The text
Nowhere Orange was written by Josh Barrow (Silk Road, Trafalgar Studios), directed by Leo Flanagan (The Fall, The Criterion) and produced by Gutter Street Productions. Cast: Max Haynes, Gabriel Akamo and Isobel Warner. This production was on part of Cuckoo Bang's BITS night at the White Bear Theatre and on for two nights at Theatre N16 at the Styx in Tottenham Hale. 

The design for Nowhere Orange was based on a typical pub interior. Part of the challenge for this play was to source everything within a budget that was just over £200. I decided to take advantage to up-cycle and refurbish materials and furniture from local sources. I developed relationships with my local pubs who were more than willing to hand over old pub furniture, glasses, towels, barrels, taps that they no longer needed. We wanted to the pub to look as if it had been abandoned, and to give it a rusty feel. I repaired and up-cycled the stools, whereas for the two-part bar and shelves, I adapted wooden pallets. For the bar I added wooden panels and mouldings, as well as giving them a not-so-new lick of paint and polish. The old beer tap was a real find, it meant we could create an illusory moment, where the actors truly looked like they were pulling themselves a pint of Guinness. The rest of the props were sourced from antiques, markets and charity shops.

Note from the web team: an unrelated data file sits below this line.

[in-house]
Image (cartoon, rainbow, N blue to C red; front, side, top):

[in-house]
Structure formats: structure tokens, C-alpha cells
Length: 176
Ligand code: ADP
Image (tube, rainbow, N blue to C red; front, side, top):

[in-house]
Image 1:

The costumes followed a similar vein. We wanted a timeless and ageless quality to the characters. As if you could turn up to the Red Road Tavern anytime and they would still be there pouring their 'n'th pint and discussing the same banalities. Sam's costume injected a little more action and colour into the pallet. Her costume reflects her adventurousness which ultimately challenges the lethargy of the other two characters. 
Photography: Artist's own.
Theatre Weekly: 4*, by Greg Stewart, 19/09/2018
"Whether it’s really the end of the world, or just the end of the road, the set up feels distinctly dystopian.  The derelict bar and tattered clothing all contribute to Berniston and Renford’s recollections of the past, while the talk of the enemy and references to “the Crassers” creates a sense of foreboding...."
"Nowhere Orange hasn’t skimped on the staging, with a realistic bar set filled with authentic props, while director Leo Flanagan has made good use of the space..."

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